Frolicking & Frivolities
Frozen ASL



Disney’s newest film, Frozen, is practically the #1 conversation subject when it comes to my friends and I. Especially the song sung by Idina Menzel, Let It Go. Jules and Angel mentioned that someone posted an ASL music video for Let It Go and so we all decided to watch it.

Turk…Turk was sitting there beside Angel, behind me, and as we watch the beautiful hand movements along with the amazing music…Turk…says without a beat, “I wonder what key they’re signing in?”

Silence. A pin could drop, it was so silent.

I then placed my hand over my face, shaking my head. Laughing hysterically. Skittles and the others joined me, but I couldn’t stop laughing. The delivery of that statement was too perfect. Innocent. Without a trace of sarcasm. I didn’t know whether I wanted to slap him upside the head or clap for his brilliance.

Although it might sound awkward and humorous at a glance, your friend isn’t a fool nor a comedian. This is not a disparaging remark. My comment is an applause and a possible standing ovation.

His is an intelligent comment to make, especially if he’s the kind of person normally breaking boundaries by banning the boxing in of his brain. If he is such a person then I don’t need to write this to him, he ‘gets it’.

Pitch, musical tones, duration, loudness, timbre, musical scales and much more all exist in a visual space.The linguistics of visual language also employ analogous features to that of spoken languages.

Note: It’s not just that there are ‘visual representations’ of sound — implying that musical space is first and foremost as the basis for others — but there are musical representations of visual space. The two spaces exist equally, albeit differently. Diversity is irreconcilable with the concepts of ‘greater than’ and ‘lesser than’. So let’s be careful not to use language that supports a framework of thought that discriminates between the value of these two equal variables.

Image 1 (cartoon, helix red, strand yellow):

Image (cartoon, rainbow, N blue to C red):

Just because visual theory, insofar as it has failed to trickle down to the masses at the same rate in terms of concepts and vocabulary, doesn’t mean it fails to have an ability to define features with the same robustness as musical theory. There is rhyme and rhythm in sign language. There is alliteration. There is loudness, pitch, harmonization, structure, form, texture and much more.

It is not necessary to understand musical theory in an explicit context in order to have the innate talent to render those elements into a visual medium — because it’s not as if you are having to invent those elements, those elements are features already occurring naturally in a visual space.

If we’re thinking of the same ASL interpretation of the song, and I believe we are, those two individuals do a stellar job of delivering the message with all of its glorious musicality. So while the question asked, ‘what key are they signing in?’ might not be met with a readily available answer, it doesn’t mean it does not exist. You know the drill: an absence of proof is not proof of absence, yadda yadda, so on and so forth.

There is much more to be said on the topic but I think going any further would be traveling outside of the scope of wanting just to add a short comment of differing opinion to this thread.

In conclusion I applaud you friend’s musings on visual musicality and encourage him to continue exploring that line of thinking. Turk for president.

dude this is awesome, I’ve always wondered about this! Thanks for the comment, ewitty :)


Wait… That isn’t normal?

Apparently not. I’m not a music major, but I was in a choral ensemble freshman year of college, and only myself and the older music majors knew it. (and by solfege it’s not just knowing do-re-mi-fa-sol-la-ti-do, it’s knowing the increment syllables and being able to sightread basically anything on a given do/tonic in solfege. and if you know this i apologize for the review lol)

basically, not every freshman has taken theory, so everyone’s skill levels differ to some degree.